UK-Mexico agreement calls for protection of agricultural sectors, says NFU

The United Nations said in a statement that the United States had “significant protections” in the use of fruits, vegetables, beef and sugar.

The two countries have begun negotiations on a new free trade agreement that will replace the ‘roll over’ agreement after Brexit.

97% of UK exports are already eligible to enter Mexico duty-free, and most UK food products are subject to tariffs.

Still, UK food and beverages cost an average of more than 6 136 million between 2019 and 2021.

The first round of talks will take place in Mexico City in July, according to a joint statement issued by Trade Minister Anne-Marie Trevellian and her Mexican counterpart Tatiana Clautier.

Following this, a second round of negotiations will be held throughout the year, with the aim of establishing a new free trade agreement within two years.

NFU, which seeks feedback from Mexican agronomists, said the new trade agreement could provide opportunities to increase the quality of British food exports.

In particular, the union said, negotiators could do more to ensure that improved dairy products and pork reach the Mexican market.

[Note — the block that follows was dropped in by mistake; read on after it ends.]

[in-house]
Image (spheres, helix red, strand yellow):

However, Mexico is a major exporter of agricultural products, and caution is needed for sectors, especially beef, sugar, eggs and vegetables.

NFU President Minnet Batters described the United Kingdom as a ‘respectable market’ for Mexican agricultural exporters.

Although our agro-food trade with Mexico is small, there are great opportunities for British farmers to export more quality produce.

“For example, we know that there is a demand for British milk and meat, especially pork.

“Precautions are needed in this case, such as vegetables, fruits, beef, eggs and sugar,” she added.

Mexico is a member of the 11-nation trade group CPTPP (General and Progressive Agreement for Trans-Pacific Partnership), and is seeking to join the UK at the same time.

It is unclear whether the bilateral trade agreement will be signed first between the UK and Mexico or whether the UK will enter into a CPTPP before the completion of these bilateral negotiations.

In any case, NFU says it is important to ensure that the UK does not pay double in terms of providing preferred market access in both negotiations, and the same goes for UK negotiations with Canada.

Farmers with experience or knowledge of the Mexican agricultural industry will be asked to send an email to samuel.williamson@nfu.org.uk.

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